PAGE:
AbstractIn 1988, 40 senior faculty members at the Medical College of Wisconsin were surveyed to determine their perceptions of the extent and benefits of mentor relationships between faculty and residents. Seventy-eight percent thought mentor activity was feasible in their own departments; however, only 18% felt that a majority of residents in their departments had a mentor. Seventy-five percent reported having been a mentor, and 90% indicated they had a mentor either currently or previously. All 25 faculty who reported having a mentor felt that this arrangement had assisted them in their career advancement, 88% reported it had enhanced their personal development, and 72% indicated the relationship had helped them deal with stress. The mentor relationship appears to have significant benefits for the medical trainee and should be promoted. Acad. Med. 65(1990):272–274.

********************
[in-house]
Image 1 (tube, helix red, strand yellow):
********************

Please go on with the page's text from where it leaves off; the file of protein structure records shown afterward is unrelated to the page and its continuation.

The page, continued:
Mr. Kirsling is associate director of intern and resident training at the Chicago College of Osteopathic Medicine, Chicago, Illinois; at the time this study was written, he was with the office of graduate medical education, Medical College of Wisconsin, Milwaukee. Dr. Kochar is professor of medicine and associate dean for graduate medical education, also at the Medical College of Wisconsin.
Correspondence and requests for reprints should be addressed to Dr. Kochar, Office of the Associate Chief of Staff for Education (14A), Zablocki VA Medical Center, 5000 West National Avenue, Milwaukee, WI 53295.
© 1990 by the Association of American Medical Colleges